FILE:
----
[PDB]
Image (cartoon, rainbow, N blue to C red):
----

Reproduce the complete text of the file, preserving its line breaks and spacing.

[PDB]
Image (cartoon, rainbow, N blue to C red):